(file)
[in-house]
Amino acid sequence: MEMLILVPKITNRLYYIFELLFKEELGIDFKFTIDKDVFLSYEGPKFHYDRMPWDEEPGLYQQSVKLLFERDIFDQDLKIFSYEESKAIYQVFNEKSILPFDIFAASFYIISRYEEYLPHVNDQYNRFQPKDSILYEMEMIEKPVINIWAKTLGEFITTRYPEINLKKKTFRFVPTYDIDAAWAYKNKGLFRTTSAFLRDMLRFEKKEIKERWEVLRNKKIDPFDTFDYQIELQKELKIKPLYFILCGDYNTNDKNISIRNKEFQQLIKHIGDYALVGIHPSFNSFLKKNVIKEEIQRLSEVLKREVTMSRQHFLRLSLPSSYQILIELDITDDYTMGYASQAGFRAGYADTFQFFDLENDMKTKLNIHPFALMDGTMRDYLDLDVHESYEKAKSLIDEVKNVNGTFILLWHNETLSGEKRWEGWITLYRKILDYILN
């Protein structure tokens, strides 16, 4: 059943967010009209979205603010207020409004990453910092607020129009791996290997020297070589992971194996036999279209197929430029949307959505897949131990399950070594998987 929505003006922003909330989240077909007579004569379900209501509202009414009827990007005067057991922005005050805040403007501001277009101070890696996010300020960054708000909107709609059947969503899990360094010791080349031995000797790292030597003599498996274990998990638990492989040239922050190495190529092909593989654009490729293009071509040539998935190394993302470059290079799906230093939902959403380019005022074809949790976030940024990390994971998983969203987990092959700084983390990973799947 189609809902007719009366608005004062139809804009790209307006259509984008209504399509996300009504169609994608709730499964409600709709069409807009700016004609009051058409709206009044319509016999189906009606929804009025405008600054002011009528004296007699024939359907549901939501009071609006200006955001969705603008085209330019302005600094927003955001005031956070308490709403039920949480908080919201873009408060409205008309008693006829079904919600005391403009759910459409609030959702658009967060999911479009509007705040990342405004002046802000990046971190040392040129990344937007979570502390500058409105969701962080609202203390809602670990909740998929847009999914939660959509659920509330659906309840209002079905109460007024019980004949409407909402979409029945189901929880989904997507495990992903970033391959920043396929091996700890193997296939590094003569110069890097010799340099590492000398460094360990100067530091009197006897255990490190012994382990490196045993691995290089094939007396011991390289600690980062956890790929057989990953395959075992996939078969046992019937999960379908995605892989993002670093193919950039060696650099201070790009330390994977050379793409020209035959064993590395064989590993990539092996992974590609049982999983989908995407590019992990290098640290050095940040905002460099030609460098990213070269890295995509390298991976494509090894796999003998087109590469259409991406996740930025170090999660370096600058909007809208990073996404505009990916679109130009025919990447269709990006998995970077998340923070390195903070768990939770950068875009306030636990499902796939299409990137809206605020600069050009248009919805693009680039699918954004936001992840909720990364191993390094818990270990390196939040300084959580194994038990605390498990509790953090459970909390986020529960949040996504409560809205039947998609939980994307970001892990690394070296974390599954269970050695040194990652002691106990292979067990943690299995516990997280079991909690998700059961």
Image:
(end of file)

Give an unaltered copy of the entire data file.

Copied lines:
[in-house]
Amino acid sequence: MEMLILVPKITNRLYYIFELLFKEELGIDFKFTIDKDVFLSYEGPKFHYDRMPWDEEPGLYQQSVKLLFERDIFDQDLKIFSYEESKAIYQVFNEKSILPFDIFAASFYIISRYEEYLPHVNDQYNRFQPKDSILYEMEMIEKPVINIWAKTLGEFITTRYPEINLKKKTFRFVPTYDIDAAWAYKNKGLFRTTSAFLRDMLRFEKKEIKERWEVLRNKKIDPFDTFDYQIELQKELKIKPLYFILCGDYNTNDKNISIRNKEFQQLIKHIGDYALVGIHPSFNSFLKKNVIKEEIQRLSEVLKREVTMSRQHFLRLSLPSSYQILIELDITDDYTMGYASQAGFRAGYADTFQFFDLENDMKTKLNIHPFALMDGTMRDYLDLDVHESYEKAKSLIDEVKNVNGTFILLWHNETLSGEKRWEGWITLYRKILDYILN
């Protein structure tokens, strides 16, 4: 059943967010009209979205603010207020409004990453910092607020129009791996290997020297070589992971194996036999279209197929430029949307959505897949131990399950070594998987 929505003006922003909330989240077909007579004569379900209501509202009414009827990007005067057991922005005050805040403007501001277009101070890696996010300020960054708000909107709609059947969503899990360094010791080349031995000797790292030597003599498996274990998990638990492989040239922050190495190529092909593989654009490729293009071509040539998935190394993302470059290079799906230093939902959403380019005022074809949790976030940024990390994971998983969203987990092959700084983390990973799947 189609809902007719009366608005004062139809804009790209307006259509984008209504399509996300009504169609994608709730499964409600709709069409807009700016004609009051058409709206009044319509016999189906009606929804009025405008600054002011009528004296007699024939359907549901939501009071609006200006955001969705603008085209330019302005600094927003955001005031956070308490709403039920949480908080919201873009408060409205008309008693006829079904919600005391403009759910459409609030959702658009967060999911479009509007705040990342405004002046802000990046971190040392040129990344937007979570502390500058409105969701962080609202203390809602670990909740998929847009999914939660959509659920509330659906309840209002079905109460007024019980004949409407909402979409029945189901929880989904997507495990992903970033391959920043396929091996700890193997296939590094003569110069890097010799340099590492000398460094360990100067530091009197006897255990490190012994382990490196045993691995290089094939007396011991390289600690980062956890790929057989990953395959075992996939078969046992019937999960379908995605892989993002670093193919950039060696650099201070790009330390994977050379793409020209035959064993590395064989590993990539092996992974590609049982999983989908995407590019992990290098640290050095940040905002460099030609460098990213070269890295995509390298991976494509090894796999003998087109590469259409991406996740930025170090999660370096600058909007809208990073996404505009990916679109130009025919990447269709990006998995970077998340923070390195903070768990939770950068875009306030636990499902796939299409990137809206605020600069050009248009919805693009680039699918954004936001992840909720990364191993390094818990270990390196939040300084959580194994038990605390498990509790953090459970909390986020529960949040996504409560809205039947998609939980994307970001892990690394070296974390599954269970050695040194990652002691106990292979067990943690299995516990997280079991909690998700059961």
Image: